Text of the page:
Stefan, left homeless and destitute after the death of his wealthy partner, doesn’t exactly deny the forgery — he claims he doesn’t remember, an excuse Luke can’t accept.
But Luke’s elderly client suggests Stefan may be telling the truth and presents another possibility – a dark presence in the woods, a supernatural fury simmering for decades. Luke must face down his fear of the uncanny – and admit his feelings for Stefan – if either of them is to survive.
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Luke slammed the heel of his hand against his forehead. Shitgoddamnsonofabitch. He’d asked the fucking question. Now he’d have to listen to an answer he could never un-know. His chest heaved and he stared Stefan down, waiting for the words that would either damn him as a liar or condemn him as a forger. Either one would force Luke to choose between rebooting his career or destroying the man he’d once loved.
Stefan blinked. Blinked again, brows drawing together in a tight vee. "What?"
For some reason, maybe aftershocks from his Fiat-flashback or mortification that Stefan had witnessed his resultant freak-out, the bewildered affront on Stefan’s face kicked Luke into art investigator asshole mode. "Did you think you’d get away with the fake Arcolettis because he was a relative unknown? Because all his pieces except one are in private hands?"
"Who the hell is Arcoletti?"
Luke guffawed, sounding unpleasant even to himself. "Good one."
"No. I mean it. Who’s Arcoletti?"
"Jeremiah Arcoletti. American realist painter. Disappeared in 1945 along with all thirteen canvases from his last collection.” Luke’s eyes popped wide. "Holy shit. That’s it, isn’t it? The lost collection." He poked Stefan’s shoulders with stiff fingers, peripherally aware arguing in the middle of a dark mountain road was ridiculous and possibly suicidal, but he didn’t give a flying fuck. They’d finish this now. "Is that your plan? Recreate the lost collection out here in your little studio in the big woods?"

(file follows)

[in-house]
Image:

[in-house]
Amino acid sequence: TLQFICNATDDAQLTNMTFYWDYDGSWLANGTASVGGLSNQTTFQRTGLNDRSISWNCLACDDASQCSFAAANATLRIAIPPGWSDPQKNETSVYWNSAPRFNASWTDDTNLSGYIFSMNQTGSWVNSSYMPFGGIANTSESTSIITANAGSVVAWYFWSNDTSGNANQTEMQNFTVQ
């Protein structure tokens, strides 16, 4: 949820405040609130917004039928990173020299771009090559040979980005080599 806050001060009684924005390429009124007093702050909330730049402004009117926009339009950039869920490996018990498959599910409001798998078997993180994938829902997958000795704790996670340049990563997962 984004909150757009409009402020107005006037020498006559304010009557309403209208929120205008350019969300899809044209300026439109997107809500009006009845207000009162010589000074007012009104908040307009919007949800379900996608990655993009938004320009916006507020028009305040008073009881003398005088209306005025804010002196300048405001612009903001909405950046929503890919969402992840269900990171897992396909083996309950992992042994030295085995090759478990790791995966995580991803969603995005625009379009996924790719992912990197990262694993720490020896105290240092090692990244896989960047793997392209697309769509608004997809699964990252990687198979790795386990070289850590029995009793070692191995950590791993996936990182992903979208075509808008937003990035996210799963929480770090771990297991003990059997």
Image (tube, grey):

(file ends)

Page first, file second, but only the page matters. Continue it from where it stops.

"Stop it." Stefan batted Luke’s hand away, his gaze fixed on the ground, avoiding the question. Pleading the artistic Fifth. Last refuge of the guilty.
"Where’d you see his work? The museum in Amsterdam? Hell, in all those years of prancing around with Marius, you could have seen every fricking one of the privately held pieces. Marius had the connections for it. You could toss his name around to get access to the Gordon letters too. Damn it." He dropped his arms, suddenly spent. "The Stefan I knew would have cut off his hands before he’d counterfeit another artist’s work. What’s happened to you?"
"What hasn’t?" Stefan’s eyes were wide, his pupils huge in the combined light of headlights and flashlight. "But I swear. I’ve never heard of this Arcoletti."
"No? Then tell me. What’s coming off your easel these days? Studies in Monochrome? The Picture of Oregon Gray?”
"I…I don’t know."
The feeble disavowal flipped Luke’s asshole switch back on. "Don’t give me that shit. You don’t paint with your eyes closed."